Stream live music, podcasts and radio on your iPhone

Stream live music, podcasts and radio on your iPhone

Most people don’t really use AM and FM radio anymore, but streaming live content is hardly dead. Many podcasts stream live – and you can still tune in to radio stations online. Broadcasts, an app by independent developer Steven Troughton-Smith, makes it super easy to listen to live music and stream radio on your iPhone.

Let me show you how it works.

Stream radio on iPhone

First, download broadcasts from the App Store. It’s a universal app for iPhone, iPad, Mac, Apple Watch, CarPlay and even Apple TV. It’s free to try with no ads, and you can have up to five stations. If you like the app, you can unlock unlimited stations for just $5.

Browse and add a station in Broadcasts
Browse thousands of radio stations in Broadcasts.
Screenshot: D. Griffin Jones/Cult of Mac

Then open Broadcasts and press Scroll through. You can find stations sorted by country or type, or search by name. You can select any of these popular radio stations to start listening immediately by pressing Play button, or press Add… to keep it in your library.

Add audio live streams

If there’s an online program you listen to that streams audio directly from their website (unlike YouTube or Twitch), there’s probably a link you can copy to add it to Broadcasts. Streaming from broadcasts is a much better experience than streaming from a web browser. You don’t have to worry about keeping the page open in Safari, you can pause the live stream and pick up where you left off, and you can easily AirPlay to your headphones or speakers.

This will vary by website, but you need to find the URL the content provider is streaming from. You can probably Google it for the program you’re looking for. You should find a URL that looks like one of these:

Adds a live phish music station to broadcasts.
You can add any live music stream from the internet. It doesn’t have to be Phish; it could be a good band.
Screenshot: D. Griffin Jones/Cult of Mac

Open Broadcasts, tap + and press Add manually. Give your live stream a name and paste the URL you found. And, if you want, press Add artwork.

Check the sound

Use the sleep timer, history, or Show in Apple Music features from the Now Playing screen.
Use the sleep timer, playback history, or Show in Apple Music features from the Now Playing screen.
Screenshot: D. Griffin Jones/Cult of Mac

At any time, you can tap the mini player at the bottom of the app to expand the audio controls. (Just swipe down from the top or tap the artwork to minimize it again, much like Apple’s own Music and Podcasts apps.)

If you like to play music before bed, you can use the sleep timer. Press moon icon and enter a duration.

Press list icon on the right to see the history of which songs this channel played, or see the current song on Apple Music.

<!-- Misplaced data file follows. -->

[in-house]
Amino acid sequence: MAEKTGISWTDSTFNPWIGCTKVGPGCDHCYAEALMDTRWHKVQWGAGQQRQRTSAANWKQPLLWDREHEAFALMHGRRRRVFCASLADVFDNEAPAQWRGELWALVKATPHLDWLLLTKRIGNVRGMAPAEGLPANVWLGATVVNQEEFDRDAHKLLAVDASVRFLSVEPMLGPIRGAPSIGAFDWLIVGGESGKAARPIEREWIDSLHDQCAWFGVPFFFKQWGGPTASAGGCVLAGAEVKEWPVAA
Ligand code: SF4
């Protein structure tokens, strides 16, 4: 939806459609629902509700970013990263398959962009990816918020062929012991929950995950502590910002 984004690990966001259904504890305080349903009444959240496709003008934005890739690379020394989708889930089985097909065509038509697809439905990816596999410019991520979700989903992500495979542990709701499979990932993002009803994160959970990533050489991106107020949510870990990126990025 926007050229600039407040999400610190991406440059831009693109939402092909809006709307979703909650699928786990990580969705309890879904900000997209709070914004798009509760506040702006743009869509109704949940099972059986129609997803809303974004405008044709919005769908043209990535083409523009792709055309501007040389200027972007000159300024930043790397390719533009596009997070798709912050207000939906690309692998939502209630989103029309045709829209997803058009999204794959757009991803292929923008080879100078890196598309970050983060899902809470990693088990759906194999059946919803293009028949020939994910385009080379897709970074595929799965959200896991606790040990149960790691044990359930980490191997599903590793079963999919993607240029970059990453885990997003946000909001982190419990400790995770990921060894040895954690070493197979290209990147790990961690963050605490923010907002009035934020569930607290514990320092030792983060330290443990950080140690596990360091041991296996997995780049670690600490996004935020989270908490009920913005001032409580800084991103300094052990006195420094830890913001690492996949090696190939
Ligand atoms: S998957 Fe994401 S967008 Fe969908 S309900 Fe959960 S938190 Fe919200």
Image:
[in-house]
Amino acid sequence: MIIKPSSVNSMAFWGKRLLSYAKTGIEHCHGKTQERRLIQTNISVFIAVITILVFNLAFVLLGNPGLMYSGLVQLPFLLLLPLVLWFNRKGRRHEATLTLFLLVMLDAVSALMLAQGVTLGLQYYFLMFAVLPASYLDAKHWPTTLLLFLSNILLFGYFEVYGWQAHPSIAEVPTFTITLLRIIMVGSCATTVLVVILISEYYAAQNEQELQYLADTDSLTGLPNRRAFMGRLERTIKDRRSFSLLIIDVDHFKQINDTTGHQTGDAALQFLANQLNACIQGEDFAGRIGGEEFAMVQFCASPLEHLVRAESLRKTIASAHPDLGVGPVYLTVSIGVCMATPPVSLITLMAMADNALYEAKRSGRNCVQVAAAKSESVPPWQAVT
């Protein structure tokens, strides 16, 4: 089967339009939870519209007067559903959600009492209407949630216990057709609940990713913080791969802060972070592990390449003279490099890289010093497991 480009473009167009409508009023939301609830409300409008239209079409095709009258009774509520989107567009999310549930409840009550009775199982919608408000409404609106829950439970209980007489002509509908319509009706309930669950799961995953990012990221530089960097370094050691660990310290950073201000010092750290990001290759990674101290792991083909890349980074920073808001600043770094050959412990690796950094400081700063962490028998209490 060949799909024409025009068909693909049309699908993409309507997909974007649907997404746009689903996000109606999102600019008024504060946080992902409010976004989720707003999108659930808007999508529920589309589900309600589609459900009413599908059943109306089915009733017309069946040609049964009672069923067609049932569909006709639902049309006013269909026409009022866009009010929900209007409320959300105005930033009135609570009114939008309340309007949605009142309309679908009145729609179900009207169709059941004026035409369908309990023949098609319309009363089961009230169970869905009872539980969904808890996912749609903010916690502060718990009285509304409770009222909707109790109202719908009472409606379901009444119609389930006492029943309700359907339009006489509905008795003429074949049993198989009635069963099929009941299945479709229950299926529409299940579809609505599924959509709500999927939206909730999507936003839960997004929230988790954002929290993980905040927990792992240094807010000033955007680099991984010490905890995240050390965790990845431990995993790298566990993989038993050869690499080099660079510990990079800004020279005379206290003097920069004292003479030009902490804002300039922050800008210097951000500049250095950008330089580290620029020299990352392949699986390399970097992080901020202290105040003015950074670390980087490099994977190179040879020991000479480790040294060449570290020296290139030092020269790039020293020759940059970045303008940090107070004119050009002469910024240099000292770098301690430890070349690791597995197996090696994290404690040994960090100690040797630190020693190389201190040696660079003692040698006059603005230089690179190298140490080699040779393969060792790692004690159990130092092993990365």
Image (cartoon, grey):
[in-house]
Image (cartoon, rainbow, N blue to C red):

There’s also a Shazam button. If you don’t see it, turn it on Settings > Enable Shazam. If you press the Shazam button, your device’s microphone is used to try to identify the song being played (if the station doesn’t tell you the name). I haven’t gotten this to work properly, but it’s a beta feature.

Broadcasts Mac app alongside MiniPlayer.
The mini player can resize to a tiny window that you can throw in the corner. Or you can keep it floating on top of other windows.
Screenshot: D. Griffin Jones/Cult of Mac

As mentioned, you don’t have to stream radio exclusively on your iPhone. And on Mac, you get one more practical function. If you like to stay tuned to the same station for a long time, press Command+0 (⌘0) to display the mini player. You can resize it very small and keep it in the corner of the screen. Tap the pin icon in the top right to keep it floating on top of other windows.

Organize your live stream library

Edit the artwork for a station.
You can create your own fun little icon to represent your stations.
Screenshot: D. Griffin Jones/Cult of Mac

You can always edit the name and artwork later. Tap and hold on a station and tap Edit. Press Add artwork and you can create your own photo combining emoji and a color background (or use artwork stored in your photo library).

Create a collection and organize your stations.
Keep your stations categorized.
Screenshot: D. Griffin Jones/Cult of Mac

You can also sort the live streams into collections. Go to Collections tab and press + to create a folder and give it a name. You can tap on the collection and tap + from here, or you can go back to yours Stationstap and hold on one you already have and tap Move to collection.

By Steven Troughton-Smith

Broadcasts is created by Steven Troughton-Smith, a well-known iOS hacker and independent developer. When I chatted with him for this article, he said that in the upcoming Broadcasts 3.1 update, users can expect to see an in-app user guide.

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